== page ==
Citing this article

A standard form of citation of this article is:

Crooks, Andrew, Hudson-Smith, Andrew and Dearden, Joel (2009). 'Agent Street: An Environment for Exploring Agent-Based Models in Second Life'. Journal of Artificial Societies and Social Simulation 12(4)10 <http://jasss.soc.surrey.ac.uk/12/4/10.html>.

The following can be copied and pasted into a Bibtex bibliography file, for use with the LaTeX text processor:

@article{crooks2009,
title = {Agent Street: An Environment for Exploring Agent-Based Models in Second Life},
author = {Crooks, Andrew and Hudson-Smith, Andrew and Dearden, Joel},
journal = {Journal of Artificial Societies and Social Simulation},
ISSN = {1460-7425},
volume = {12},
number = {4},
pages = {10},
year = {2009},
URL = {http://jasss.soc.surrey.ac.uk/12/4/10.html},
keywords = {Agent-Based Modelling, Pedestrian Evacuation, Segregation, Virtual Worlds, Second Life},
abstract = {Urban models can be seen on a continuum between iconic and symbolic. Generally speaking, iconic models are physical versions of the real world at some scaled down representation, while symbolic models represent the system in terms of the way they function replacing the physical or material system by some logical and/or mathematical formulae. Traditionally iconic and symbolic models were distinct classes of model but due to the rise of digital computing the distinction between the two is becoming blurred, with symbolic models being embedded into iconic models. However, such models tend to be single user. This paper demonstrates how 3D symbolic models in the form of agent-based simulations can be embedded into iconic models using the multi-user virtual world of Second Life. Furthermore, the paper demonstrates Second Life's potential for social science simulation. To demonstrate this, we first introduce Second Life and provide two exemplar models; Conway's Game of Life, and Schelling's Segregation Model which highlight how symbolic models can be viewed in an iconic environment. We then present a simple pedestrian evacuation model which merges the iconic and symbolic together and extends the model to directly incorporate avatars and agents in the same environment illustrating how 'real' participants can influence simulation outcomes. Such examples demonstrate the potential for creating highly visual, immersive, interactive agent-based models for social scientists in multi-user real time virtual worlds. The paper concludes with some final comments on problems with representing models in current virtual worlds and future avenues of research.},
}

The following can be copied and pasted into a text file, which can then be imported into a reference database that supports imports using the RIS format, such as Reference Manager and EndNote.


TY - JOUR
TI - Agent Street: An Environment for Exploring Agent-Based Models in Second Life
AU - Crooks, Andrew
AU - Hudson-Smith, Andrew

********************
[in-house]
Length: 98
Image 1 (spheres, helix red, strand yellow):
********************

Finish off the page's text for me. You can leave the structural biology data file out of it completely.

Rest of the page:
AU - Dearden, Joel
Y1 - 2009/10/31/
JO - Journal of Artificial Societies and Social Simulation
SN - 1460-7425
VL - 12
IS - 4
SP - 10
UR - http://jasss.soc.surrey.ac.uk/12/4/10.html
KW - Agent-Based Modelling
KW - Pedestrian Evacuation
KW - Segregation
KW - Virtual Worlds
KW - Second Life
N2 - Urban models can be seen on a continuum between iconic and symbolic. Generally speaking, iconic models are physical versions of the real world at some scaled down representation, while symbolic models represent the system in terms of the way they function replacing the physical or material system by some logical and/or mathematical formulae. Traditionally iconic and symbolic models were distinct classes of model but due to the rise of digital computing the distinction between the two is becoming blurred, with symbolic models being embedded into iconic models. However, such models tend to be single user. This paper demonstrates how 3D symbolic models in the form of agent-based simulations can be embedded into iconic models using the multi-user virtual world of Second Life. Furthermore, the paper demonstrates Second Life's potential for social science simulation. To demonstrate this, we first introduce Second Life and provide two exemplar models; Conway's Game of Life, and Schelling's Segregation Model which highlight how symbolic models can be viewed in an iconic environment. We then present a simple pedestrian evacuation model which merges the iconic and symbolic together and extends the model to directly incorporate avatars and agents in the same environment illustrating how 'real' participants can influence simulation outcomes. Such examples demonstrate the potential for creating highly visual, immersive, interactive agent-based models for social scientists in multi-user real time virtual worlds. The paper concludes with some final comments on problems with representing models in current virtual worlds and future avenues of research.
ER -